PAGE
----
It’s the Year of Water

Join Columbia University as it embarks on two semesters of art, lectures, concerts and research focused on Earth’s most precious resource.

Eve Glasberg
September 26, 2019

Columbia has launched the Year of Water, an interdisciplinary investigation of water in all its social, political, cultural, economic and environmental complexities. Led by the School of the Arts and convened across the University, public programming for the Year of Water will feature art presentations and exhibitions, lectures, screenings, readings and research focused on our planet’s most precious resource.

“Artists, writers and thinkers working globally in multiple creative forms are deeply involved in issues surrounding water and climate change,” said Carol Becker, who as dean of the School of the Arts is spearheading the Year of Water and playing a central role in bringing the entire University together on the initiative. “Artists are the people who really know how to move others emotionally and behaviorally to some positive effect. Scientists have all the data, but they need artists to help communicate that information and get people to respond,” she said.

Columbia is a leader in cutting-edge research in water-related areas such as climate change, storm prevention, sustainability and water rights. Throughout the year, this research will be the focus of panel discussions and conferences led by professors at schools and institutes across the University including the Earth InstituteLamont-Doherty Earth Observatory,  Columbia Water Center, the Center for Resilient Cities and Landscapes, the Center for Climate and LifeColumbia Law School, the Data Science InstituteColumbia Engineering SchoolMailman School of Public Health, the Center on Global Energy Policy and the  Graduate School of Architecture, Planning and Preservation.

Public programming for the Year of Water is well underway. Earlier this month, the artist Adama Delphine Fawundu installed a mural, Tales From the Mano River, in the lobby of Miller Theatre. Last week, Professor Kate Orff, director of the Urban Design Program and the Center for Resilient Cities at Columbia’s Architecture School, and Shaun Donovan, former U.S. Secretary of Housing and Urban Development, led a discussion, “Lessons from Rebuild by Design,” a design and planning competition launched by the Obama administration for projects that promote resilience in the face of climate change. And Morningside Lights, Miller Theatre’s annual lantern-building workshop and procession, returned to campus recently with a celebration of islands.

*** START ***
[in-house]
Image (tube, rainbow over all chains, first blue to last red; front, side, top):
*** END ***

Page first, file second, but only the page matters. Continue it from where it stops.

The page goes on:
A crowd of people at night holding lit lanterns.

Many more water-related events are planned, including seminars and panel discussions about water and climate change and a World Leaders Forum with the multimedia artist Olafur Eliasson. His large-scale works such as Ice Watch and New York City Waterfalls have sparked critical dialogue about climate change and our relationship to nature.

And that’s just September. October will bring such events as an open house at Lamont-Doherty Earth Observatory, and a screening of Ushui, a documentary film about female shamans in Colombia and their connection to the water. Toward the end of the month, the composer Vijay Iyer will present the world premiere of Song for Flint at Miller Theatre.

The highlight of October will be WATERLICHT, a site-wide, large-scale light installation, by Dutch artist Daan Roosegaarde, that will illuminate the power and poetry of water. WATERLICHT, which means water light, will take place in the public plaza in front of the Lenfest Center for the Arts on October 22, 23 and 24, from 7:30 p.m. to 11 p.m. Registration, which opens on October 1, is required.

The Year of Water “started out as something small, but now I continually have messages from people who are excited that this is happening and want to be a part of it,” Becker said. This interdisciplinary approach makes “clear how water has become perhaps the central issue for the future of human habitation,” she continued. “Water is essential to life,” and by working with architects, engineers, urban planners and scientists, “artists have the power to bring that to the surface.”